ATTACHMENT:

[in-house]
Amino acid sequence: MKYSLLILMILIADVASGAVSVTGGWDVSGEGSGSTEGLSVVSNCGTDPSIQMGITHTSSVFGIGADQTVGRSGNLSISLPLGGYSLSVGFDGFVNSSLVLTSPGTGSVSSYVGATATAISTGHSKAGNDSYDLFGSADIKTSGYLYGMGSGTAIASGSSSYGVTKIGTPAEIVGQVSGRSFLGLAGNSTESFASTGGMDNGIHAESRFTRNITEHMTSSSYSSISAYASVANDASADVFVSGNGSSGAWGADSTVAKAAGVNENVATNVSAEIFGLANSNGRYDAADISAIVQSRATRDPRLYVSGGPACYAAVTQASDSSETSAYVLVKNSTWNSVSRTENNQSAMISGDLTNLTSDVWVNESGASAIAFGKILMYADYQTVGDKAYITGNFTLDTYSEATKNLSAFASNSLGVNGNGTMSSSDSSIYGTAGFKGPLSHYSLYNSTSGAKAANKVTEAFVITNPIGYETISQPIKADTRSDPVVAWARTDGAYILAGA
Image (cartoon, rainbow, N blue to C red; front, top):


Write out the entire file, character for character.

[in-house]
Amino acid sequence: MKYSLLILMILIADVASGAVSVTGGWDVSGEGSGSTEGLSVVSNCGTDPSIQMGITHTSSVFGIGADQTVGRSGNLSISLPLGGYSLSVGFDGFVNSSLVLTSPGTGSVSSYVGATATAISTGHSKAGNDSYDLFGSADIKTSGYLYGMGSGTAIASGSSSYGVTKIGTPAEIVGQVSGRSFLGLAGNSTESFASTGGMDNGIHAESRFTRNITEHMTSSSYSSISAYASVANDASADVFVSGNGSSGAWGADSTVAKAAGVNENVATNVSAEIFGLANSNGRYDAADISAIVQSRATRDPRLYVSGGPACYAAVTQASDSSETSAYVLVKNSTWNSVSRTENNQSAMISGDLTNLTSDVWVNESGASAIAFGKILMYADYQTVGDKAYITGNFTLDTYSEATKNLSAFASNSLGVNGNGTMSSSDSSIYGTAGFKGPLSHYSLYNSTSGAKAANKVTEAFVITNPIGYETISQPIKADTRSDPVVAWARTDGAYILAGA
Image (cartoon, rainbow, N blue to C red; front, top):